Friday, October 17, 2008

If the shoe fits...

According to Wikipedia:

Socialism refers to a broad set of economic theories of social organization advocating social or collective ownership and administration of the means of production and distribution of goods, and the creation of an egalitarian society.Modern socialism originated in the late nineteenth-century working class political movement. Karl Marx posited that socialism would be achieved via class struggle and a proletarian revolution which represents the transitional stage between capitalism and communism.

Socialists mainly share the belief that capitalism by nature concentrates power and wealth among a small segment of society that controls capital, and creates an unequal society. All socialists advocate the creation of an egalitarian society, in which wealth and power are distributed more evenly, although there is considerable disagreement among socialists over how, and to what extent this could be achieved.

Obama quotes:

"My attitude is that if the economy's good for folks from the bottom up, it's gonna be good for everybody ... I think when you spread the wealth around, it's good for everybody."

A oft-used phrase by Obama (including the last debate):

"When you spread the wealth around, it's good for everybody"

Looks like we have a Robin Hood on our hands.

Picture HT: Hough


Wayne said...

The one injustice by the NY Post is the besmirching of the character of Robin Hood.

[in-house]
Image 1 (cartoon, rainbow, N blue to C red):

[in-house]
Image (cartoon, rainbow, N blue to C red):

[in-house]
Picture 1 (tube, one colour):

The Robin Hood mythology is squarely Christian. Hood defends the poor, not by "spreadin' the wealth," by by robbing the oppressor and living out an ethic of loyalty to his king - whose return he eagerly awaits.

Reepicheep said...

Excellent point Wayne.

I was thinking of the Kevin Costner version.

Frontier Forest said...

The big difference is “Robin could” and we can’t! Big government say, “What your’s is mine and what’s mine is fine.”

Rick Calohan said...

"To take from one because it is thought that his own industry and that of his father's has acquired too much, in order to spare to others, who, or whose fathers have not exercised equal industry and skill, is to violate arbitrarily the first principle of association--'the guarantee to every one of a free exercise of his industry and the fruits acquired by it.'" --Thomas Jefferson: Note in Destutt de Tracy's "Political Economy," 1816.

"Property is the fruit of is a positive good in the world. That some should be rich shows that others may become rich, and hence is just encouragement to industry and enterprise. Let not him who is houseless pull down the house of another; but let him labor diligently and build one for himself, thus by example assuring that his own shall be safe from violence when built."
Abraham Lincoln